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Tokyo Favorite Places: Daikanyama

Most visitors to Tokyo will spend their time in the big people hubs: Shinjuku, Harajuku, Shibuya, and so on. From these bustling neighborhoods, it would be easy to come away with the impression that Tokyo is one unbroken stretch of concrete jungle.

But just one train stop from the busiest pedestrian crossing in Japan lies a charming little neighborhood that feels like another world. With its historic buildings, leafy canal-side streets, and cute cafes, Daikan’yama is relaxing place to catch your breath on a sunny afternoon. Let’s take a look!

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Photos
Photo: Rika Nakajima

You could be forgiven for thinking you had teleported to a different city here. Gone are the high-rises and massive train stations. In their place, small boutiques and cafes beckon passersby to stop and take a look.

Photo: Rika Nakajima

Stop and have a cup of hot cocoa on this pedestrian-only backstreet.

Photo: Rika Nakajima

The name of this shop is formed from the word kutsushita, “sock,” and the suffix -ya, which means a store that sells such-and-such an item. So literally, we might translate the name of this place as “The Sockery.”

Photo: Rika Nakajima

Photo: Rika Nakajima

Tsutaya is well-known in Japan for its book and video stores. This location, known as T-Site, is a sort of flagship, offering workshops, music, and restaurants, and even hosting an outdoor farmer’s market.

Photo: Rika Nakajima

A restaurant in the T-Site complex offers its outdoor guests blankets to keep warm.

Photo: Rika Nakajima

A farmer’s market is always a great opportunity to connect with locals. We sampled some fresh eggs and veggies here.

Photo: Rika Nakajima

The old Asakura family home is a worthy stop. Built in 1919, it showcases many features of a traditional home of that era. You can tour it inside and out, including a small but lovely Japanese garden, for a mere 100 yen per person.

Photo: Rika Nakajima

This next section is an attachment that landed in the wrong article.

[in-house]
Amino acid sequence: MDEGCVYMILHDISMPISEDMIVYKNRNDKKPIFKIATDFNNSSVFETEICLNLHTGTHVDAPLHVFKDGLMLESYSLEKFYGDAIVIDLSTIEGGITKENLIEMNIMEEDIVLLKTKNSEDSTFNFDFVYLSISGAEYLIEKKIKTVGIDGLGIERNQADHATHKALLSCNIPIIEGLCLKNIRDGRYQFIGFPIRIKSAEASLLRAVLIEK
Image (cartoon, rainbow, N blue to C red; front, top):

We love all the exposed wood in these traditional homes.

Photo: Rika Nakajima

Different rooms and hallways offer many perspectives on the garden out back.

Photo: Rika Nakajima

Another five-minute walk takes you to this leafy street, which runs along the Meguro River. The street is sometimes home to festivals such as the Sakura Matsuri here. At other times, you’ll mostly just run into locals out walking the dog.

Photo: Rika Nakajima

The Meguro River is especially lovely during cherry blossom season, but the shady streets make for a nice walk any time of year.

Enjoy both sides of the river in either direction for several blocks and perhaps stop in at a café in the area for lunch. We sampled some unique curry here, but choices abound. When you’re ready to head back, just follow the river (in the direction of its flow) for several blocks until you cross under train tracks. Turn right and follow the tracks for 100 meters to Nakameguro Station.

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Getting there

From Shibuya Station, simply take the Tōkyū Tōyoko Line to Daikanyama Station (stop TY-02). The Tōkyū Tōyoko Line is a newer line and can be a little tricky to find. You might have to leave Shibuya Station into the open air for a short (50 m) walk before descending again into a different entrance. Just follow the signs with the TY (for Tōyoko) in a circle and you’ll be fine. Note that only local trains stop at Daikanyama, so be sure not to get on an express.

From Daikanyama Station, take the Main Exit and then turn to your right and walk down the hill and you’re on your way!

Map

Language resources

Remember, you’ll enjoy your trip the most if you have some basic Japanese under your belt. Download a free trial of Human Japanese if you’re just getting started or Human Japanese Intermediate if you have a foundation and want to go to the next level. We think you’ll love our approach.

Best wishes on your journey! Be sure to check out our other favorite places by using the links at the top right of this page.